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A Content Marketing Autopsy of a Popular Infographic

Let’s start with a challenge: Without mentioning other colors, describe the color orange. Seriously, try it. Go on.

Impossible, right?

Now imagine describing not only what an infographic is but also what makes a good one. Because it’s uniquely difficult to do this in the abstract, examples are key. So let’s channel our inner Jack Klugman (Quincy, anyone?) and perform an autopsy on a recent infographic, dissecting it to see what worked, what could have been improved, and what features might have made it truly epic.

For this exercise, let’s examine “The 50 Richest People on Earth,” a popular infographic published by CreditLoan this past summer.


The topic

Killer. Its parameters are clear (50 people); it’s enticing (they are worth how much?); and it’s relevant to the publisher’s business of wealth and credit management. Moreover, it’s not a one-off piece of content. A few months earlier, the brand published another provocative infographic titled, “Is Walking Away From Your Mortgage OK?” The lesson here is that serializing content can contribute to scale and continuity.

The visual

The image itself it refreshingly simple. Too many infographics seem to be complex for the sake of complexity. Not this one. The 50 Richest People on Earth overlays the names and net worth on top of a world map. Doesn’t get more straightforward than that.

But then the designer pulled up a bit short. The infographic does little to go beyond the source data (an article in Forbes). In many ways, it doesn’t contain anything that the original article lacks. It doesn’t add to, challenge, remix or offer commentary on the content in Forbes’ list. It simply overlays the names onto a map. Great infographics are faithful to the data while providing a relevant perspective. This visual is, in many ways, too faithful to the data and too literal a translation for the medium.

The design also misses the opportunity to engage readers with more compelling visuals. Data in the infographic is visualized in three different ways:

  • A circle surrounds each ranking and the line weight corresponds to placement. The higher the rank the thicker the line. Initially, this seemed superfluous but then I realized the utility: It makes it easier to find the top earners with a quick eye scan. Since this is reasonably useful, it’s a nice touch.
  • Up/down arrows depict whether the individual’s wealth is static, rising, or falling. This is a quality element that adds a dynamic layer to the information.
  • A bar shows how close each mogul is to a $100 billion net worth. This visual element is useless. For one, the wealthiest person on the map (Bill Gates) is “only” worth $40 billion, so why should the bar extend all the way to $100 billion? That’s $60 billion in “dead space.” Further, 43 of the 50 names are clustered between $9 billion and $20 billion, making fine gradations in the bar difficult to detect at a glance. Lastly, the mogul’s precise net worth is listed alongside the bar, making each of these items redundant in the context of the other one.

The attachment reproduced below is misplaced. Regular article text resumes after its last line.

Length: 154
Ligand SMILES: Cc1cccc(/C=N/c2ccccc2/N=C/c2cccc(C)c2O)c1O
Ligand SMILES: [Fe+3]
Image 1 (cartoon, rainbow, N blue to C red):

What could CreditLoan have done differently to make the quality of the visualization consistent with the quality and relevance of the topic? Here are some ideas:

  • Iconography: Rather than writing the name of each billionaire’s industry, the creator could have used iconography to have some fun with sector identification. (A syringe, for example, could represent “Pharmaceuticals”.)
  • Illustration: Since the true stars of the infographic are the leaders themselves, CreditLoan could have created a caricature of each person. (Imagine if one of the featured billionaires happened to love his illustration? What would that endorsement have done to the spread of the visual?)
  • Context: Data is far more interesting in context than it is as an absolute. Since each magnate is already mapped to a particular geography, why not compare the individual’s worth relative to the median income for families in his or her home country? That addition would have contextualized the data for the audience, providing the type of nuance that is essential for remarkable content
  • Interactivity: Each capsule could have linked to the corresponding billionaire’s Wikipedia entry. This step is neither labor- nor cost-intensive, yet it would have gone a long way toward engaging the viewer more deeply.


CreditLoan deserves, well, credit, for selecting a reliable data source: Forbes. Nobody in publishing does lists better than Forbes. That said, I cross-referenced this ranking against Forbes’ own “Richest People on the Planet” list and was surprised to find that the order and net worth numbers varied greatly. The lifeblood of an infographic is data reliability, and this particular visual leaves me questioning its accuracy. Linking the citation to the source article would be a swift and easy fix so no one would question where they are getting their data (and it would protect them should their data be challenged).

Taking this a step further, even though the creator selected a trustworthy source, infographics tend to benefit from multiple data sets.  As information designer Edward Tufte wrote in Beautiful Evidence, “Too often diagrams rely solely on one type of data or stay at one level of analysis.”

It also would have helped to have included a brief paragraph that characterizes their definition of “richest” (Total net worth? Liquid assets?).

As a side note, it’s worth noting that comments are closed in the blog post that hosts the file. Allowing comments is essential because it permits viewers to ask questions (such as the source of the data) and to suggest areas for improvement (so they might be able to reimagine how they depict the information for the next year’s version).

What do you think of the infographic? What, if anything, would you prescribe to improve it?